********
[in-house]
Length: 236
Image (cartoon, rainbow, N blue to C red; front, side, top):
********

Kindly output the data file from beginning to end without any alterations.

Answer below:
[in-house]
Length: 236
Image (cartoon, rainbow, N blue to C red; front, side, top):